August 26, 2019 - 5:26 pm
Updated August 26, 2019 - 9:59 pm
The Clark County School District filed for an injunction in court on Monday to stop what the district called a “crippling strike” that the teachers union has threatened for Sept. 10 amid stalled contract negotiations.
It’s the next step the district can take to double down against the threat of a strike, signaling that it is serious in ensuring teachers comply with the law.
The two sides were scheduled to meet again Monday evening to see if they can bridge the divide over what has emerged as the key issue: a raise tied to advancement through the district’s professional growth system.
Strikes for public employees are illegal in Nevada, and state law allows the district to file an injunction with the court. The union might also face other repercussions, including a fine of up to $50,000 per day for the organization and the loss of the union’s title as the recognized bargaining agent for teachers.
In a statement, the Clark County Education Association said it will not be stopped in its efforts to force the district to pay educators what they have rightfully earned.
The union said it has agreed to mediation, but the strike date of Sept. 10 still stands.
“During negotiations today CCSD continued to bargain in bad faith by proposing to abolish the entire compensation system for 18,800 educators,” the union said. “Under Superintendent Jara the District is now sending a clear message that he does not value educators. Schools without teachers are not schools.”
Superintendent Jesus Jara told parents the district is continuing to work on a contingency plan to keep schools open even if a strike starts on Sept. 10. He said he is working with principals to finalize a contingency plan at every school.
“We are currently looking at all personnel to ensure classroom coverage, anticipating substitute needs and addressing the implications for the safety of all our students,” Jara said in an email.
“There will be challenges in the days ahead if this strike becomes a reality,” the message continued. “However, we will work together to find a successful outcome.”
The union has threatened to strike if it does not reach an acceptable new 2019-21 contract by the strike deadline. A key issue between both parties is salary increases for teachers who completed enough professional development activities to qualify for a column advancement on the salary table — which would amount to a raise of over $5,000.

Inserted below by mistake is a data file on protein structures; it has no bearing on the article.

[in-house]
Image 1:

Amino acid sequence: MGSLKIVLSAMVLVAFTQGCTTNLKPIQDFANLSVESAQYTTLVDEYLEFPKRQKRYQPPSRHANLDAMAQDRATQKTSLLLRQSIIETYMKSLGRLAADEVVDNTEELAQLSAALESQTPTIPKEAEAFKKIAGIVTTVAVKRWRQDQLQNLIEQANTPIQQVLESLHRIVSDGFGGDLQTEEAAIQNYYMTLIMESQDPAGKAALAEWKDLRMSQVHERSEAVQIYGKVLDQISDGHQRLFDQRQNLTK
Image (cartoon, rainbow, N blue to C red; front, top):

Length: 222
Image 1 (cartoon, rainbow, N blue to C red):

The district maintained that only roughly 10 percent of the teaching force benefits from this raise, or roughly 2,000. The district previously gave an estimate of roughly 2,600 teachers who qualified.
Over the weekend, the leadership reviewed the district’s finances, according to the district.
“We are looking at every department, every function, to see if there’s a way to find the resources,” Jara said in a statement. “No line item will be overlooked during this very thorough review process.”
Students and staff, meanwhile, showed their support for teachers at a rally before the bell rang at Spring Valley High School.
The district has offered teachers a 3 percent raise, plus a seniority-based raise through step increases for 2019-20 and 2020-21. The district’s offer also increases monthly health care contributions by 4 percent each year.
The district has verbally made the same offer to the administrators and support staff unions and has discussed the same financial proposal with the police administrators and police officers bargaining groups.
The district is under increased pressure from lawmakers to find a solution to the issue. Last week, Gov. Steve Sisolak criticized the district for not accounting for such raises in its budget requests to the Legislature, saying that the district created this mess and “now they have to fix it.”
Both Sisolak and Jara were at an event honoring this year’s Nevada Teacher of the Year on Monday, but Jara left without taking questions from the news media. Sisolak echoed some of his previous comments and said he had talked with the superintendent Monday morning.
“We’ve got 13 more days to get this done,” Sisolak said. “And as I said all along, the strike is not an option.”